Hedonism definition/Ethical and Psychological Hedonism

Hedonism is a moral doctrine in which the pursuit of pleasure is the sole purpose of life. Hedonism definition

The word hedonism comes from the Greek hedonikos , which means “pleasant”, since hedon means pleasure. As a philosophy, hedonism arose in Greece and had Epicurus and Aristippus of Cyrene as some of the most important names.

This moral doctrine had its origins in the Cyrenaics (founded by Aristippus of Cyrene), ancient Epicureans. Hedonism determines that the supreme good, that is, the ultimate goal of action, is pleasure. In this case, “pleasure” means something more than mere sensual pleasure. The English utilitarians (Bentham and Stuart Mill) were the continuators of ancient hedonism. Hedonism definition

Hedonism is often confused with Epicureanism. However, there are some differences between them, and Epicurus created Epicureanism with the aim of perfecting hedonism. One of the goals of Epicureanism is the absence of pain, and that is why pleasure plays a more passive role, and the individual must renounce things that may cause pain and suffering. In the case of hedonism, the pursuit of pleasure is strongly advised, also taking into account sexual pleasures. Hedonism definition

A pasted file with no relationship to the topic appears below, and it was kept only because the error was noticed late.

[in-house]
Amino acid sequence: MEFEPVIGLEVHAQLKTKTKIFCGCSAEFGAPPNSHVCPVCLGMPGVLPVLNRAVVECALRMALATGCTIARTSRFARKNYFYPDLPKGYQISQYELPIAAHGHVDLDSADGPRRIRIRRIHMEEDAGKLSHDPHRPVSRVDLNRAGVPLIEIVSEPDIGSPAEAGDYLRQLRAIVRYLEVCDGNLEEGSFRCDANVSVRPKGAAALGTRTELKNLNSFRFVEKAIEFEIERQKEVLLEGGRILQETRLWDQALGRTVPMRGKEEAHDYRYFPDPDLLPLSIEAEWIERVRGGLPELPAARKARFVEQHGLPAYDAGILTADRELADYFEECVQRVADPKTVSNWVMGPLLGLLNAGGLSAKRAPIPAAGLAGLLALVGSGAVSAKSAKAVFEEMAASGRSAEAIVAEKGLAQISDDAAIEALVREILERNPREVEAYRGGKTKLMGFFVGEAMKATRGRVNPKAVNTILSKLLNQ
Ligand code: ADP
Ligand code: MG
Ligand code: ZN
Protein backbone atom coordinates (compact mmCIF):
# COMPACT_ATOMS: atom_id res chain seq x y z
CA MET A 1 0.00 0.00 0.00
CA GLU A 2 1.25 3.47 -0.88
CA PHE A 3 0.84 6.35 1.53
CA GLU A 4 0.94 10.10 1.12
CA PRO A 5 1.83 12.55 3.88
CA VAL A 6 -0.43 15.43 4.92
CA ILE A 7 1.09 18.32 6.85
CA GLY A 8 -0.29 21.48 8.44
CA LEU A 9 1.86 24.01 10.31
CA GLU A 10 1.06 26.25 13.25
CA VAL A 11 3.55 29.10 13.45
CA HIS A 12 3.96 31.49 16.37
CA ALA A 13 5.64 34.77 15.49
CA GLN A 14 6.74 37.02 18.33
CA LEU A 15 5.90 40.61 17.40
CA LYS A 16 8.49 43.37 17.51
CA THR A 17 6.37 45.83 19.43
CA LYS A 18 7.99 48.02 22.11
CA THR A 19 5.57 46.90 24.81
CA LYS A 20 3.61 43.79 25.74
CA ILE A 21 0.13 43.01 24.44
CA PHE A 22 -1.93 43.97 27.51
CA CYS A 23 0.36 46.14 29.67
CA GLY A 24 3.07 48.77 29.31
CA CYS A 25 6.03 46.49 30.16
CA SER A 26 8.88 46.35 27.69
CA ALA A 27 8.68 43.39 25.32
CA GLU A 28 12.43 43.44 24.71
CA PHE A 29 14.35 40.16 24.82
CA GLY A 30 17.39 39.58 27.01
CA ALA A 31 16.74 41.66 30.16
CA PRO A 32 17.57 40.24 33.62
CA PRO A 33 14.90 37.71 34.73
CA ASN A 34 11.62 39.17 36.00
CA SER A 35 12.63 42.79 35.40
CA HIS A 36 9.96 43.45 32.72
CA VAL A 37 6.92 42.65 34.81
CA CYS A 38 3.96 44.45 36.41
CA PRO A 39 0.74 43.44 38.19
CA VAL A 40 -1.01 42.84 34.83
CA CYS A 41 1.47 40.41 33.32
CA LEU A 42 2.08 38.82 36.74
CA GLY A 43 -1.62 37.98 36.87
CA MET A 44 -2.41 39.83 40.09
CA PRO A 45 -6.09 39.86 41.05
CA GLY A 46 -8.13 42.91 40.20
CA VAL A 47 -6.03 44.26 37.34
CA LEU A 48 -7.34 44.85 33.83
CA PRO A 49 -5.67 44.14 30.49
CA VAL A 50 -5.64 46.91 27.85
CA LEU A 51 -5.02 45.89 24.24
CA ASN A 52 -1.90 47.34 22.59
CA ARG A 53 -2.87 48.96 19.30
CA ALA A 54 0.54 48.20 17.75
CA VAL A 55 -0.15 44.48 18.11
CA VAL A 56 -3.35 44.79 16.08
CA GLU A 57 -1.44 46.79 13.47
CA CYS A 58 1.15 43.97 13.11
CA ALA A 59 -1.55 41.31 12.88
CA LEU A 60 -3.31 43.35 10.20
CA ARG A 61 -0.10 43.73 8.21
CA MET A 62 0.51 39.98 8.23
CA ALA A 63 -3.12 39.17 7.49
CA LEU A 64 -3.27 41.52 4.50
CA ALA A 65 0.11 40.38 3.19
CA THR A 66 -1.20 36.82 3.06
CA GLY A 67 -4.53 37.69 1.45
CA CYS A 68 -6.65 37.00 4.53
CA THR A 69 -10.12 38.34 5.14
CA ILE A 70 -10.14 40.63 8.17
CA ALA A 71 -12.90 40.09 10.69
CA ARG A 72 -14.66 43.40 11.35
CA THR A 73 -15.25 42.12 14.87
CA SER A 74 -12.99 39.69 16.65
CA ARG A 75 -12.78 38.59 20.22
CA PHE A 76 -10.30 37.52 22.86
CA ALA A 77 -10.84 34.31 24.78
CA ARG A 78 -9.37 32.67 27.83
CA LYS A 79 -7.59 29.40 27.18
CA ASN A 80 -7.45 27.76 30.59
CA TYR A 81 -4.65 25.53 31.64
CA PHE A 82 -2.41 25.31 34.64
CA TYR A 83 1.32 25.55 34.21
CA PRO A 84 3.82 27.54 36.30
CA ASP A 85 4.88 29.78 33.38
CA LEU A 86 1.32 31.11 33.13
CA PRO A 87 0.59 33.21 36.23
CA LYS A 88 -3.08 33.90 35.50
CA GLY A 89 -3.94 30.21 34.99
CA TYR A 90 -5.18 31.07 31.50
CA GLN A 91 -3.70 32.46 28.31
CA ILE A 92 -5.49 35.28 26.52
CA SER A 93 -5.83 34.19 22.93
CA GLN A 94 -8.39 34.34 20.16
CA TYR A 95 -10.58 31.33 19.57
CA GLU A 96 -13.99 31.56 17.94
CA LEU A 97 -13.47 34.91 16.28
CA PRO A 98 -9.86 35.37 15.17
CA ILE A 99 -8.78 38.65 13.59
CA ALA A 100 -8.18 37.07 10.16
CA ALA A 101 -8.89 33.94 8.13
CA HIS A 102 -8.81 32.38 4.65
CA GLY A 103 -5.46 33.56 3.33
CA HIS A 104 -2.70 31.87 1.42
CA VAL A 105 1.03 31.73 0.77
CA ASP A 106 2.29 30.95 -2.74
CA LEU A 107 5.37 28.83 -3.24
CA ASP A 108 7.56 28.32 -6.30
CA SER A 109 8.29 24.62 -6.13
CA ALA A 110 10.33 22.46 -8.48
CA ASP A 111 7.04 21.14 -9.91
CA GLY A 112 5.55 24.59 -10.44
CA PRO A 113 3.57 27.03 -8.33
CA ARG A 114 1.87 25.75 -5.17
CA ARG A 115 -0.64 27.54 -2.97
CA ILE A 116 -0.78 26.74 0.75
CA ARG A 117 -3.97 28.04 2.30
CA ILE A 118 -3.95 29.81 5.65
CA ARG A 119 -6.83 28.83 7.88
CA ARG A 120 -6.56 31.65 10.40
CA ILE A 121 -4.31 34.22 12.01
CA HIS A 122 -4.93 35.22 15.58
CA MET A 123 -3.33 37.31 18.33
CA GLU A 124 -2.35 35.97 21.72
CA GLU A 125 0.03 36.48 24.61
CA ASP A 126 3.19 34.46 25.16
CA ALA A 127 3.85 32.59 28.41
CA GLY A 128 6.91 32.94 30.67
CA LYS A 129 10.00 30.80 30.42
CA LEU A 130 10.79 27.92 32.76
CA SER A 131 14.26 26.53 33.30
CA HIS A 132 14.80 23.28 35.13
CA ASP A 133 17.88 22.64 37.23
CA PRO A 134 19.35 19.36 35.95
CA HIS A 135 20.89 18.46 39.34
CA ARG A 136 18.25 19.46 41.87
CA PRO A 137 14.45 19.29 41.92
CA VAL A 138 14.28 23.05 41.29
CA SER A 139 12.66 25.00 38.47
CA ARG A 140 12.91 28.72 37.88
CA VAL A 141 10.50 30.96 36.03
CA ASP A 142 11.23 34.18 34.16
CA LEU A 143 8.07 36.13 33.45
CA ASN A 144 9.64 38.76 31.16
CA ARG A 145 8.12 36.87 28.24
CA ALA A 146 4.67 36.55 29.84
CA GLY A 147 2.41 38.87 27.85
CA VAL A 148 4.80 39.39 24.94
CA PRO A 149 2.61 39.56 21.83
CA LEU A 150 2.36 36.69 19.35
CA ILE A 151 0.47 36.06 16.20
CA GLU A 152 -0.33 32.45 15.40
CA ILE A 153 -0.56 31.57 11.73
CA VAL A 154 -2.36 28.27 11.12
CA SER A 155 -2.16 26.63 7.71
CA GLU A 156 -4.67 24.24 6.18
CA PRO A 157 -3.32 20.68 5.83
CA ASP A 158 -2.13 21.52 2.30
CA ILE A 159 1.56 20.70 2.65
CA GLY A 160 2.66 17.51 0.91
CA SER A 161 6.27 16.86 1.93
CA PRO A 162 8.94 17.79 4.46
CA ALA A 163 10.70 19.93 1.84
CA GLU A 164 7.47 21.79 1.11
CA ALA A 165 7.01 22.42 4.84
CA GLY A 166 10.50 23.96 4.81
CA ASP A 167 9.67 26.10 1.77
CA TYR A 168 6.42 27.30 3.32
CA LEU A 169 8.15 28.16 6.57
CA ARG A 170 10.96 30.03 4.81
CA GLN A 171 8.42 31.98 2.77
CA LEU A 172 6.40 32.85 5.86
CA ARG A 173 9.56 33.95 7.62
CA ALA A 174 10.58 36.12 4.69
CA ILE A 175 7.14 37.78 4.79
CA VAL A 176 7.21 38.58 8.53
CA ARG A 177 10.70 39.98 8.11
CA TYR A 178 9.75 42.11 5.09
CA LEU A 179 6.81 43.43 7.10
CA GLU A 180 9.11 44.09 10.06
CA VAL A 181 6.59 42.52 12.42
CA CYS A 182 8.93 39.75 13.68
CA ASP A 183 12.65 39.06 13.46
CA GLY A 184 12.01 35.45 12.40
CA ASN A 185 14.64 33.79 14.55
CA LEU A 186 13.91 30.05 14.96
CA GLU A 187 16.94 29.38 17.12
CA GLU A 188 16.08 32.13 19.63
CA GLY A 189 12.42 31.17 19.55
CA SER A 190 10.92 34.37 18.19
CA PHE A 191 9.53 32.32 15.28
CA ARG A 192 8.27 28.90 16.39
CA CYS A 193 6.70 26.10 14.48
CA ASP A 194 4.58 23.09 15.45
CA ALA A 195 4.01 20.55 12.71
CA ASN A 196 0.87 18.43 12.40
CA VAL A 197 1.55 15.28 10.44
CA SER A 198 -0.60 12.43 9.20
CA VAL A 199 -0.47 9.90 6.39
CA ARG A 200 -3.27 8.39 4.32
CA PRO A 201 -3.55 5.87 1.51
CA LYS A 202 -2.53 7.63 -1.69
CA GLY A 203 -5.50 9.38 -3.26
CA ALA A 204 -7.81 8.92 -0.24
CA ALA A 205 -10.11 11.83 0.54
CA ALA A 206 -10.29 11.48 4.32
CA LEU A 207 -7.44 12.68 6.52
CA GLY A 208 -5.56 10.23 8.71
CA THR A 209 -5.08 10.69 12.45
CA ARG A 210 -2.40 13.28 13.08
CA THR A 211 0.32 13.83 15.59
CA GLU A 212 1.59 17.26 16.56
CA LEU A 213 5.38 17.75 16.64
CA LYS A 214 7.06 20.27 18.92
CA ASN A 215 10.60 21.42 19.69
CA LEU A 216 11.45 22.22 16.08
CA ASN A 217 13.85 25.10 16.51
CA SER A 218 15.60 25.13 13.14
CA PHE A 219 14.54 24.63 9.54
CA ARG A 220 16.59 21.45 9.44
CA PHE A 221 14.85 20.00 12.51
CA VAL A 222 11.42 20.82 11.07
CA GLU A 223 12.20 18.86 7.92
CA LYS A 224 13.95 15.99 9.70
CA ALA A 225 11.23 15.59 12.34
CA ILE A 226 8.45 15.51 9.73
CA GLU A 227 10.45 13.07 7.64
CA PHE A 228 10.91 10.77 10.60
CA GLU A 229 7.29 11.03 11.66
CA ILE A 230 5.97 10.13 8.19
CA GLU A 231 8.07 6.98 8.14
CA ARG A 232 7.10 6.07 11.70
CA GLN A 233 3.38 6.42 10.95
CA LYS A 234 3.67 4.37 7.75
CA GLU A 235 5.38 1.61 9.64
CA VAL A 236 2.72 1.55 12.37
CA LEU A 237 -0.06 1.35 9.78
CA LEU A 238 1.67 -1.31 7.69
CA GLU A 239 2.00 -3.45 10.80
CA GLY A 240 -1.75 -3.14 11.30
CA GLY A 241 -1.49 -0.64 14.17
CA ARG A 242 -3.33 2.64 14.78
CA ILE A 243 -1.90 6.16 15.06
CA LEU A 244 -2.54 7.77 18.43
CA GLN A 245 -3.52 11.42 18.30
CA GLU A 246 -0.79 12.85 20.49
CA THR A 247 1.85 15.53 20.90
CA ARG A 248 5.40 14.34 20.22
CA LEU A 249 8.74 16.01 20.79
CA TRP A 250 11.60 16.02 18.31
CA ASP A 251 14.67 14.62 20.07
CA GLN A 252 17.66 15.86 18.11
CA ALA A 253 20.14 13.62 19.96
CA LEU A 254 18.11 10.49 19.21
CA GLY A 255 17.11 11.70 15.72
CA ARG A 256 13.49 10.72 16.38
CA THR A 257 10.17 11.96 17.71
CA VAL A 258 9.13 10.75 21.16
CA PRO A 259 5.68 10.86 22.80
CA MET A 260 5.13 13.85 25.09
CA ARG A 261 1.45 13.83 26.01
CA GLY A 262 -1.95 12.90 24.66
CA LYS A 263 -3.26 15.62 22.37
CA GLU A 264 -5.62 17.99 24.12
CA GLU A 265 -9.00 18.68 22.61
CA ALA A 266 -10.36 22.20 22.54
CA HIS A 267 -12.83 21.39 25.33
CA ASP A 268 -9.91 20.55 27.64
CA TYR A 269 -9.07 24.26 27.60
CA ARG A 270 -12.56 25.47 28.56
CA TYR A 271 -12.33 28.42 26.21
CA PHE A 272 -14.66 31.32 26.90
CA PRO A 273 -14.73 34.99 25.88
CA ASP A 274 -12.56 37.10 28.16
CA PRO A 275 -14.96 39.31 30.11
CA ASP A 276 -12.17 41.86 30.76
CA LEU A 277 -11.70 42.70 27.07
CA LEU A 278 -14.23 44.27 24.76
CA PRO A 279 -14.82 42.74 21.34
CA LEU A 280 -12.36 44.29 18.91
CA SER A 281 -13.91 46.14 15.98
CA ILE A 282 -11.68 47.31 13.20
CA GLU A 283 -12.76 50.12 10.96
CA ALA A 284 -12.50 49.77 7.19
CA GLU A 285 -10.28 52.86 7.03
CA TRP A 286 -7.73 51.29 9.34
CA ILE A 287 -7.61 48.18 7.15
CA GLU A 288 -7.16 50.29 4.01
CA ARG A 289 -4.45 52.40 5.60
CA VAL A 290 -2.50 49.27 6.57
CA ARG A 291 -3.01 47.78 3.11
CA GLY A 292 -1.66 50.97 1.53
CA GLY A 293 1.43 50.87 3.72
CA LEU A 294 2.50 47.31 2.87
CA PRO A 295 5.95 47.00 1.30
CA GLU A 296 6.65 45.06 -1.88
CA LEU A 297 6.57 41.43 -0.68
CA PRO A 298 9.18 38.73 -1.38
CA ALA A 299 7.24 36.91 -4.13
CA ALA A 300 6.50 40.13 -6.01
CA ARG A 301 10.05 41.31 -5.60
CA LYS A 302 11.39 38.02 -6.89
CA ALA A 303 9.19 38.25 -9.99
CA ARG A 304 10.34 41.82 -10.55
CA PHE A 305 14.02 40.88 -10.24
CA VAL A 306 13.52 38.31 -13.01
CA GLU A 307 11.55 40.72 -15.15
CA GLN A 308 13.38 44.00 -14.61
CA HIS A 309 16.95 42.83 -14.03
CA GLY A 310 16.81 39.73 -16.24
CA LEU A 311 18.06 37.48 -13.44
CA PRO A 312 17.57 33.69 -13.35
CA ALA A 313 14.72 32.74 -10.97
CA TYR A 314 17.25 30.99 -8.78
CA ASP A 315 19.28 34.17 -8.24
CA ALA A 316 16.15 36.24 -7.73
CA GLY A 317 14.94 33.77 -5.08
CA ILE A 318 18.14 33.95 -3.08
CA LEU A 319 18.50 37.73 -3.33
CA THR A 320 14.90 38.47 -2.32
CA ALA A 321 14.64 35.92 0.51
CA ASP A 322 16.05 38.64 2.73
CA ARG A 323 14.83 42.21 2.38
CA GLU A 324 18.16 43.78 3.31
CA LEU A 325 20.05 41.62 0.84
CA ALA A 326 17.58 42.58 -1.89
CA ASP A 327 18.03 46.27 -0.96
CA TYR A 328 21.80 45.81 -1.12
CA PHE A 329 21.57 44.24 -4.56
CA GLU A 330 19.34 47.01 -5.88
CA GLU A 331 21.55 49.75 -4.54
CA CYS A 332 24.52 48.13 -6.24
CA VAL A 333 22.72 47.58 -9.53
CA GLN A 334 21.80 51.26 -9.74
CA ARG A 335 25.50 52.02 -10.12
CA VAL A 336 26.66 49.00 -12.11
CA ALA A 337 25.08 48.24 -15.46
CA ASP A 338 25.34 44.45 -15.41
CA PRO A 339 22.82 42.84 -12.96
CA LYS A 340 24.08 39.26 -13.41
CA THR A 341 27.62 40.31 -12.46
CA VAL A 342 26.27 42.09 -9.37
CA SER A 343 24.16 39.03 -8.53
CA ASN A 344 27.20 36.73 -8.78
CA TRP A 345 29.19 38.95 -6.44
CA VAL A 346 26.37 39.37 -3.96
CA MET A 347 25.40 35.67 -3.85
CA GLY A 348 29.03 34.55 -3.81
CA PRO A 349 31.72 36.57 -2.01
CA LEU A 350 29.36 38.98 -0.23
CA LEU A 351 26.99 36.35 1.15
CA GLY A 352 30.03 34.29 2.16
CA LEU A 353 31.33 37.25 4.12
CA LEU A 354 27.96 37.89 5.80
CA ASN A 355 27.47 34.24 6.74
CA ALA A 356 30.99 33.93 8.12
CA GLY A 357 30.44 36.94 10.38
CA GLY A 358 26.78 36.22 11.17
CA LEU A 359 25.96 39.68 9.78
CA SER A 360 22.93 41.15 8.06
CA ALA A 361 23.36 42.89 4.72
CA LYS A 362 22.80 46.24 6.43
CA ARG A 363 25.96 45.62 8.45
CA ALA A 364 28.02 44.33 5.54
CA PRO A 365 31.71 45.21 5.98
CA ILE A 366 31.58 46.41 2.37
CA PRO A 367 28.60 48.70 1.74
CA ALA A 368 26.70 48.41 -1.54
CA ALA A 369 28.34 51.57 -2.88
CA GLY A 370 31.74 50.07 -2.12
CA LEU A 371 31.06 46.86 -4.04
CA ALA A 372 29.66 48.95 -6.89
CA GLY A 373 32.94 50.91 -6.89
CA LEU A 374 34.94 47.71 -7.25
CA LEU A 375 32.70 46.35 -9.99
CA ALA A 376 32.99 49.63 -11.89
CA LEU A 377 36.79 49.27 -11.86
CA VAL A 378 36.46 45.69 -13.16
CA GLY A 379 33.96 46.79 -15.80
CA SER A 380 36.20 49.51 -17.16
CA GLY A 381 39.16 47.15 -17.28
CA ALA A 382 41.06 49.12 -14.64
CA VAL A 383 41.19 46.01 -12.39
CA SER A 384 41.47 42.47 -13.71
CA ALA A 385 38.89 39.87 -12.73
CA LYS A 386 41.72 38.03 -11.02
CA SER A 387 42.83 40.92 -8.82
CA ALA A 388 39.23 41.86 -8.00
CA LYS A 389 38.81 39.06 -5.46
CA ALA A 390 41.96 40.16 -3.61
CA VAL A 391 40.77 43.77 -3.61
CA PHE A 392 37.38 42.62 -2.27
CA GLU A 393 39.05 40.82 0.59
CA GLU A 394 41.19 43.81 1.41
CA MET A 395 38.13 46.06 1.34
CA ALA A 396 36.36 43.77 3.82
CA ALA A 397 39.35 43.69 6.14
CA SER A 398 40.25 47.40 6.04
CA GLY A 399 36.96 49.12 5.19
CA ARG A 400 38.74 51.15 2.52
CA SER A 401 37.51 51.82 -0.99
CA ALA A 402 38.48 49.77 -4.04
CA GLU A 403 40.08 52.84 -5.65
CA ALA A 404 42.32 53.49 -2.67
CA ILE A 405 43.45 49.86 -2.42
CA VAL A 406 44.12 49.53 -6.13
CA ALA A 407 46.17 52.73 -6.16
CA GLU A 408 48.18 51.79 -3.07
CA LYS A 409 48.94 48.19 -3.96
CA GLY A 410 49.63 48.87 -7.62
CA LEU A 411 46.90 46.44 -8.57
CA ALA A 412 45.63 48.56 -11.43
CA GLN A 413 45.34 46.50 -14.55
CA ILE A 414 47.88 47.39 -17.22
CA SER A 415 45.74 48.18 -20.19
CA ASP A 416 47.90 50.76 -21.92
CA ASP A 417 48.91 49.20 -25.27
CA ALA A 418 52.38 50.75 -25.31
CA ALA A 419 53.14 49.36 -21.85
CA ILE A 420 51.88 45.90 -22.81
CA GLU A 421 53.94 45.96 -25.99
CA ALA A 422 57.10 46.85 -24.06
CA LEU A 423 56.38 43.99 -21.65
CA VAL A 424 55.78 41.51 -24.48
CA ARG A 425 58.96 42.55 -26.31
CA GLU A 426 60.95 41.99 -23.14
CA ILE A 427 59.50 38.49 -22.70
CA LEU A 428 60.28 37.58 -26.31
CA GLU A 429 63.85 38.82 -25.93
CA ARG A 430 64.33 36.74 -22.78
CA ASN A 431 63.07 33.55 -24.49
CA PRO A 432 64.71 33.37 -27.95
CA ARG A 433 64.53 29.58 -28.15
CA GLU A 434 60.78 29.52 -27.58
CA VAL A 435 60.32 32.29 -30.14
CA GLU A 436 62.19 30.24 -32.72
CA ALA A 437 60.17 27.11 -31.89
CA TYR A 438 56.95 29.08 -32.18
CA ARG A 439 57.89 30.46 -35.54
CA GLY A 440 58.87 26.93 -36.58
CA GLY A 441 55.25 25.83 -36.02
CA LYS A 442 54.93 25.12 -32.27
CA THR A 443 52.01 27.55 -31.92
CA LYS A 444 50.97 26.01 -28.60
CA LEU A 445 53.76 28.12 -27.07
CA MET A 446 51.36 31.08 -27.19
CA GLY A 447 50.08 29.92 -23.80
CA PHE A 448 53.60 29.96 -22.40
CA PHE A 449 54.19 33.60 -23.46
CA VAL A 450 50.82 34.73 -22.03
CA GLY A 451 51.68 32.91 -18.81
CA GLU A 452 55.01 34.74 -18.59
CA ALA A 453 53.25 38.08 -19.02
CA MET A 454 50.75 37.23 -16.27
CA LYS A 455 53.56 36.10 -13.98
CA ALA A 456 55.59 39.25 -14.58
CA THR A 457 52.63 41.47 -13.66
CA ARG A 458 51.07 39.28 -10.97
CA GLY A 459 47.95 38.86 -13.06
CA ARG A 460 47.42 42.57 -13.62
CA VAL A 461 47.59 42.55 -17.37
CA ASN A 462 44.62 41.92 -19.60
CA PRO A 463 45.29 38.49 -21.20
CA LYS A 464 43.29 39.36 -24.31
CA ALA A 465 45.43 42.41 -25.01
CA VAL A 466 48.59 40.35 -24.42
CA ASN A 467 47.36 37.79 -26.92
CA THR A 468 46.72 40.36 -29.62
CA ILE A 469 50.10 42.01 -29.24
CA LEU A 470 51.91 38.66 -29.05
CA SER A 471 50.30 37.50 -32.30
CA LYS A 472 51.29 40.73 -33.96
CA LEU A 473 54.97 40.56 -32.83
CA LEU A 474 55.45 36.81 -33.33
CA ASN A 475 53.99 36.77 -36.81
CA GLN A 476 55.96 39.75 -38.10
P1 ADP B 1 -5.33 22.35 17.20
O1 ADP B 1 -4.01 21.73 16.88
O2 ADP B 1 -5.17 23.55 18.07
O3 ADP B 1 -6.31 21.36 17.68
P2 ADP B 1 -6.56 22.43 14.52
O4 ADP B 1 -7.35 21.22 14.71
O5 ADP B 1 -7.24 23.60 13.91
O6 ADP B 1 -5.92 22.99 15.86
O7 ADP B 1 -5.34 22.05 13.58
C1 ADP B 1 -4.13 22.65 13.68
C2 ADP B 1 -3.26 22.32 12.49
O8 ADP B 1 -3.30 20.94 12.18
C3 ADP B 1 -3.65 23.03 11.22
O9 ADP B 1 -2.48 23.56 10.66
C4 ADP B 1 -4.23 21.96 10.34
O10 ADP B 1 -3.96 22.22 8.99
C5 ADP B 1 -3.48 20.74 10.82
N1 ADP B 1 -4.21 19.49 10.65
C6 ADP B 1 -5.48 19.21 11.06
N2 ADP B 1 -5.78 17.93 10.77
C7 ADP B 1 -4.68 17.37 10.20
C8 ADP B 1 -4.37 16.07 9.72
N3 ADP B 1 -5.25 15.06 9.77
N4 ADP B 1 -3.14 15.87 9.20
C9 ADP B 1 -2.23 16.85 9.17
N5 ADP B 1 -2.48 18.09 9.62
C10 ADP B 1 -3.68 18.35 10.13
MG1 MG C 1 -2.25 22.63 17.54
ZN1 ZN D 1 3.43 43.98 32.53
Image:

As hedonism addresses the excessive pursuit of pleasure as the most important purpose in life, many religions repudiate it, as it is a doctrine that clashes with the doctrine of many churches.

Ethical and Psychological Hedonism

Hedonism can be divided into two categories: ethical hedonism and psychological hedonism.

Psychological hedonism is based on the notion that in all actions, the human being intends to obtain more pleasure and less suffering, and this way of living is the only thing that fosters human action. On the other hand, ethical hedonism has as its principle the fact that men consider pleasure and material goods as the most important things in their lives. Hedonism definition

Related Articles

Leave a Reply

Your email address will not be published. Required fields are marked *


Check Also
Back to top button